Ludacris – Ludaversal
I can’t rank this higher than Heems, Da Mafia 6ix or Wale. It isn’t good. I do not like it. I really liked the movie No Strings Attached and he was not good in it. I would rather watch his parts in No Strings Attached edited together, 20 times in a row, than listen to Ludaversal ever again. If you feel yourself disagreeing with me; a) stop, b) open your iTunes, Spotify, whatever, and c) listen to Word of Mouf and never ever acknowledge this new album. Or maybe I’m taking too hard of a line based off of a couple really bad tracks, because this song, “Beast Mode,” isn’t that bad.
Wale – The Album About Nothing
Wale, in all honesty, ended up on my radar with his mixtape only because I love Seinfeld. And he only stays on my radar because he does things with Jerry Seinfeld from time to time. Wale famously blew up when his last album got a bad review, but I didn’t think it was very good. Wale has returned to the Seinfeld vibe in full force with The Album About Nothing. There is a different feel to this album for me and I honestly can’t tell if I am being swayed by the appearance of Jerry Seinfeld. There is a good feeling vibe on a lot of the tracks this album. The parts that shine do so spectacularly.
Kendrick Lamar – To Pimp A Butterfly
I never understood why Kendrick was such a big thing on his previous album. After having a chance to hear the lead track, “The Blacker The Berry,” I was pleasantly surprised. The beat is fantastic and the lyrics are confrontational and honest. The whole album is a huge statement about society and race relations. I don’t think I have anything unique or insightful to add about Lamar’s new album, but it is absolutely worth listening to at least 15-20 times even if you aren’t sure if it is your thing. And while I kind of assumed that I knew the direction Lamar was going after his last album, I was completely wrong.
Ratking – 700 Fill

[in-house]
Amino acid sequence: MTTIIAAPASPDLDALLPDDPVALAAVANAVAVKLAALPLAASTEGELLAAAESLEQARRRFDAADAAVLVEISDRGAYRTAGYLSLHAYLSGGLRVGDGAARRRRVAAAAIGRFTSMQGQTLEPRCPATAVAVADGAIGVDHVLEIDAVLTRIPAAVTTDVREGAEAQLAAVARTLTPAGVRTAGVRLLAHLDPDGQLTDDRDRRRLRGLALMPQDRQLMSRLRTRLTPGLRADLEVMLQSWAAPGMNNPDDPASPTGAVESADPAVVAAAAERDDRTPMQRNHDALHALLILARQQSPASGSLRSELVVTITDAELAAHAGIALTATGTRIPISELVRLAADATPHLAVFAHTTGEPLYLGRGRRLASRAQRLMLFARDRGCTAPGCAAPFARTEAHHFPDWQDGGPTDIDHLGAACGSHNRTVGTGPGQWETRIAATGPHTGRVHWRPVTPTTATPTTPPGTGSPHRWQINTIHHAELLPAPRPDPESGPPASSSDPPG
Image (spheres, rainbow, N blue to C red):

I’m always a fan of Ratking. Younger people might like, even love, Ratking. Whether it’s because they like Wiki’s flow, the groups association with Trash Talk, or the fact that it is different from a lot of their contemporaries. The new offering from Ratking is strong with me for a lot of reasons. I find their sound to be a more unique stroke on the canvas of modern rap and hip-hop. I enjoy the flow and lyricism of Wiki, reminds me of a lot of the great rappers of the 90s. Maybe that is why they are slow on the rise in 2015. People dig it, but they don’t have a point of reference of a time before 50 Cent or Lil Wayne or whoever else you want to credit for helping to usher in the current sound and content of rap. If you ever heard Kurious, Arsonists, or The Cenobites project, you probably have a point of reference for what I like so much about Ratking. You don’t have to have the same point of reference to enjoy it, but it might explain why I think it is some of the best music I’ve heard recently whereas some people see it as another whistle stop on their Spotify tour. Best part, free download “mixtape” that includes the instrumentals. Ratking keeping it one-hundred.
Earl Sweatshirt – I Don’t Like Shit, I Don’t Go Outside
Everyone knows Earl. He’s probably the most talented and interesting artist affiliated with Odd Future. Sure, Tyler the Creator is great, but there was never much to his story that he wasn’t just putting out there, making waves. Earl killed us with some of the most skilled, gruesome lyrical content at age 16. Then there was the famous incident where his mom sent him away to a boarding school in Samoa. When he returned it was clear that he had changed, which is what is supposed to happen to a boy between the ages of 16 and 18. As he continues to grow up, and away from his Odd Future roots, he continues to expand his sound and the approach to the topics that he explores. His new album is probably his best release yet, free from cameos that would otherwise slow down or detract the skill that Earl displays. In any ordinary month or year, this might be the best release, but that was before we knew what March of 2015 was all about. It is fitting that one of the highlight tracks on Earl’s new album features Wiki of Ratking, one of the few features on the new Earl album.
Cannibal Ox – Blade of the Ronin
The Cannibal Ox return is upon us. The album was well over a decade in waiting, following up the seminal “The Cold Vein” release in 2001. The initial response to the album has been underwhelming, though I would assume that is more due to people expecting to hear an album that matches up with something that was produced 14 years earlier, before the artists involved had repeatedly hinted at new work and never working together again. The release of a second LP from Cannibal Ox is a triumph on its own and even if this isn’t the same type of album that we got in 2001, even half-strength Cannibal Ox is better than any current artist who may carry the antecedent “Lil” or “Yung” so let us celebrate this fantastic album for all that it offers in 2015.